The Russian government is working on a plan to introduce new laws pertaining to cryptocurrencies. Finance minister Anton Siluanov confirmed at the Moscow Financial Forum that new regulation is in the works, but he maintained that these changes will ultimately benefit those who have invested in the crypto market.
"The state understands indeed that crypto-currencies are real," said Siluanov. "There is no sense in banning them, there is a need to regulate them."
It's expected that these regulations will be completely developed by the end of 2017. They're likely to stipulate that anyone purchasing cryptocurrencies will need to be registered, and offer up a clear delineation of what the government deems acceptable in terms of how funds are bought and circulated.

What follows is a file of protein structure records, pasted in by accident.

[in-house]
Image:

Siluanov asserted that anyone currently buying cryptocurrency runs a greater risk because there's no external oversight. He compared an ideal system to the protections offered when buying securities like treasury bonds.
As cryptocurrency continues to grow in popularity, governments all over the world are attempting to lay down legislation before its seemingly imminent mainstream adoption. Australian authorities have been considering incorporating cryptocurrency, and in the U.S., a bill is expected to be submitted to Congress later this month.
However, it remains to be seen how Russia's legislation will work in practice. China recently implemented a ban on initial coin offerings (ICOs) which prompted widespread unrest in the cryptocurrency community and potentially caused last week's trend of double-digit drops.
Chinese authorities have claimed that the ban is temporary and merely a method of introducing the policies required for legal ICOs. But, as it now stands, countries like Russia and China have the potential to majorly affect the value of cryptocurrencies if and when they enforce new legislation. So, as investors closely track the progress of legal frameworks, it will be interesting to see how government involvement affects the future of cryptocurrencies.